How many more can you think of?

Wow, these guys are insane.  Brave, but insane.

They’re attempting to beat the record for highest free fall – currently standing at a staggering 24.5 kilometres.  The mind boggles.

Repeated attempts to jump from ridiculous heights have taught us a lot about how to survive it – don’t open the parachute straight away (you’ll take too long and freeze to death), and use a smaller “drogue” chute to stabilise you so you don’t spin too much, to name just two.

What really caught me about the article, though, was the story about a previous attempt, in 1966 by Nick Piantanida.  It was his third attempt, with mechanical problems on each of the previous ones preventing him completing the mission, and unfortunately this time was no better.

Everything was going according to plan, with the gondola at 17.5 kilometres on the way up, when the ground crew heard a sudden whoosh on the radio, followed by Piantanida’s startled voice: “Emergen…”

He never completed the word.

Not to make light of the tragedy, but I’m wondering; the crew came to the conclusion that there was a mechanical failure, but what if he’d seen something that startled him?  Could there have been some aliens flying by, or something more sinister?


A while back, I mentioned the make up of the solar system, specifically the outer planets. Now, I don’t want to confuse you, but it turns out I may have been wrong about Pluto.

The debate over what Pluto actually is has been re-ignited recently by the discovery of a fifth moon.  It has more moons than all of the inner planets combined.

Mind you, having a moon is not the definition of a planet, so all it’s done is make people start talking about it.  In case you were wondering, to be a planet an object needs to be spherical, orbit the sun, and have a gravity strong enough to clear its orbit of smaller objects.  It’s on that last point that Pluto fails.

Some people think that Pluto and its largest moon, Charon, should be classified as a binary planet system (the IAU doesn’t agree).  I wonder, what would it be like to live on a binary planet?  Would it even be possible or would there be gravitational problems and such like that prevented an atmosphere forming?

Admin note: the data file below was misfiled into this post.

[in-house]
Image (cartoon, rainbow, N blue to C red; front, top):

Is there anyone out there with a better grasp of astrophysics than I who could comment on the possibility?

And has this been done already?  I could definitely be interested in reading a novel featuring this idea.

On Friday 20th July, Syria disconnected almost the entire country from the outside world for 40 minutes.

Up until now, Syria’s internet connection has been relatively stable.  It’s not known (at least not by people who are admitting to it) whether the disconnect was sabotage or government-sponsored.

So here’s the question.  The internet is becoming so ubiquitous that access to it is beginning to fall into the same category as access to education, books, and free speech.  In the UK, it is as easy to get to the internet for free as it is to get to books – practically every library now has at least one computer that you can use.

In countries where those things are held sacrosanct, how long will it be before it is regarded as a right, not a privilege?  And how long before that spreads to the rest of the world?

And, Fahrenheit 451-style, how long before it is banned and ISPs turned to evil?

Artemis Junior is the name of the latest “small step” in the direction of a permanent lunar base.  It’s a new lunar rover designed by scientists at NASA and currently being tested in a Hawaiian volcano.

The rover is designed to prospect for water, ice, and other fun and useful things.  Water is one of the things that would make a lunar base possible – we need it to drink, to split apart to make oxygen, to make hydrogen and oxygen for rocket fuel, and more.   And on the moon, there isn’t much hope of a quick resupply when stocks get low.

Previous lunar missions have shown that there is probably water around the poles, so that is where Artemis will probably be sent once the design is perfected.

I for one am interested in the volume of stories that you could come up with for a lunar base – there’s sabotage, of course, and aliens, but also psychological dramas about low numbers of people trapped in a confined space together for long periods of time, and the possibility of some disaster befalling Earth or the team’s contact with it, leaving them stranded and the last hope for all mankind.

What other ideas can you think of?

The Author

Nicola Higgins is a 30-something martial artist who runs two Brownie packs and works full time. She somehow still finds time to write.

Her favourite genres are near-future and alternate world science fiction and fantasy.